View of Annapolis Basin from Fort Anne
|Location||Annapolis Royal, Nova Scotia, Canada|
|Official name||Fort Anne National Historic Site of Canada|
For a similarly named fort in New York City see: Fort Amsterdam
Now designated a National Historic Site of Canada, it is managed by Parks Canada. The 1797 officer's quarters was renovated in the 1930s and now house the museum with exhibits about the fort's history and historic artifacts from the area.
A 1/2 km trail runs along the fort's earthen walls, and provides a view of the Annapolis River and basin.
History[edit | edit source]
The site has been fortified since 1629, when the Scots came to colonize Nova Scotia (New Scotland) and built Charles Fort. The region was reverted to French control in the 1630s and Charles de Menou d'Aulnay began work on the first of four forts on the same site, then known as Port Royal. In 1702, the French began construction of the current Vauban earthwork that is found there today.
Queen Anne's War[edit | edit source]
During Queen Anne's War, the fort fell to British and New England troops after a week-long siege in 1710 which marked the British conquest of Acadia. A British governor and garrison replaced the French at the fort renaming the Port Royal settlement Annapolis Royal after Queen Anne. With the Treaty of Utrecht three years later, the British gained full control of mainland Nova Scotia and kept Annapolis Royal as the capital until the founding of Halifax in 1749.
King Georges War[edit | edit source]
Father Le Loutre's War
During Father Le Loutre's War, the capital of Acadia was moved from Annapolis Royal to Halifax. Fort Edward, Fort Lawrence and Fort Anne were all supplied by and dependent on the arrival of Captains Cobb, Rogers or Taggart, in one of the government sloops. These vessels took the annual or semi-annual relief to their destination. They carried the officers and their families to and fro, as required.
Captain John Hamilton was a son of Major Otho Hamilton of the 4Oth Regiment, of the Hamiltons of Olivestob, East Lothian, Scotland. Captain Hamilton had some time before been made a prisoner by the Indians and taken to Quebec, but had lately been ransomed. On 15 August 1752, John Handfield, Esq., widower, married Miss Mary Handfield, spinster.
French and Indian War[edit | edit source]
During the French and Indian War, the British engaged in the Bay of Fundy Campaign (1755) and deported the Acadians living in the area. With the fall of Quebec in 1759, the fort no longer held the same military importance.
It was however still used as an outpost during the American Revolution, where the 84th Regiment of Foot (Royal Highland Emigrants) was stationed, and the War of 1812 in defence of the town from American privateers.
The fort acquired the name Fort Anne in the 19th century.
National Historic Site[edit | edit source]
In 1917, Fort Anne was acquired by the Dominion Parks Branch, the predecessor organization to Parks Canada, and was designated as Canada's second "National Historic Park" (Fort Howe in Saint John, New Brunswick was the first). Two years later, a new national program of National Historic Sites of Canada was established in 1919 to replace the incipient system of historic parks, and Fort Anne was designated a National Historic Site in 1920.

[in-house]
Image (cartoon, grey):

Although Fort Anne was neither the first National Historic Park (Fort Howe was designated three years earlier), nor was it the first site designated under the replacement National Historic Site program, it is nonetheless sometimes referred to as Canada's "first national historic site" or the "first administered national historic site", because it was the first site acquired by the federal government for national historic purposes that has subsequently remained under Parks Canada administration (Fort Howe was eventually conveyed to the municipality).
Legacy[edit | edit source]
On 28 June 1985 Canada Post issued 'Fort Anne, N.S., circa 1763.' one of the 20 stamps in the “Forts Across Canada Series” (1983 & 1985). The stamps are perforated 12Â½ x 13 and were printed by Ashton-Potter Limited based on the designs by Rolf P. Harder.
See also[edit | edit source]
References[edit | edit source]
- Beamish Murdoch. a History of Nova Scotia Vol 2, p. 232.
- Taylor, C.J. (1990). Negotiating the Past: The Making of Canada's National Historic Parks and Sites. Montreal and Kingston: McGill-Queen's University Press. 28-9. ISBN 0-7735-0713-2.
- Fort Anne National Historic Site of Canada. Canadian Register of Historic Places. Retrieved 30 September 2012.
- "Canada’s Oldest National Historic Site". Fort Anne National Historic Site of Canada. Parks Canada. http://www.pc.gc.ca/eng/lhn-nhs/ns/fortanne/natcul/histor/Histor6.aspx. Retrieved 30 September 2012.
- http://data4.collectionscanada.ca/netacgi/nph-brs?s1=1008&l=20&d=POST&p=1&u=http%3A%2F%2Fwww.collectionscanada.ca%2Farchivianet%2F020117%2F020117030306_e.html&r=1&f=G&SECT3=POST Canada Post issued 'Fort Anne, N.S., circa 1763.'
Further reading[edit | edit source]
- Brenda Dunn, A History of Port Royal/Annapolis Royal: 1605-1800, Halifax: Nimbus, 2004
- Parks Canada, Fort Anne National Historic Site brochure, undated (2001 ?).
[edit | edit source]
- Parks Canada - Fort Anne National Historic Site of Canada
- Fort Anne Bronze Cannon
- Canadian Encyclopedia entry
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